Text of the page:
It also is an object of the present invention to provide a process for forming such a pallet.
The present invention relates to a shipping pallet comprising a load deck of shrink wrap film, wrapped with heat-shrunk tension about a pallet frame. The pallet may include spacer means accommodating the lifting of the pallet.
The present invention also relates to a process for forming the above-described pallet which process generally comprises assembling a support frame, covering the support frame with one or more sheets of a thermoplastic shrink wrap film and, thereafter, subjecting the structure to heat sufficient to shrink said film to yield a taut product-supporting heat-shrunk plastic film surface as part of said pallet. The method may also provide for the inclusion of spacer means to accommodate the lifting of said pallet.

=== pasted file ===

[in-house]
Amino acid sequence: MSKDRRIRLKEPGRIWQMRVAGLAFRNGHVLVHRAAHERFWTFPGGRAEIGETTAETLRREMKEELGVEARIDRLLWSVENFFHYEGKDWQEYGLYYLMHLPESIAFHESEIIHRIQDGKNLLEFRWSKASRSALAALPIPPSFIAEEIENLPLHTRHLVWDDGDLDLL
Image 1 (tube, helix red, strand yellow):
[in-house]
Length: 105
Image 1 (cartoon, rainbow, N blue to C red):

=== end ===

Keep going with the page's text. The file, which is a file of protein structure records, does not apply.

The manner of accomplishing the foregoing and other objects of this invention will be apparent from the accompanying specification and claims together with the drawings, wherein:
FIG. 1 is a perspective view of a pallet frame;
FIG. 2 is a perspective view depicting a manner of applying shrink wrap plastic surfaces over the rectangular openings of a pallet frame as depicted in FIG. 1;
FIG. 3 is a perspective view depicting a manner of cross-covering the shrink wrap plastic surfaces of the structure of FIG. 3; and
FIG. 4 depicts a completed pallet having a plurality of taut, heat-shrunk plastic film support surfaces.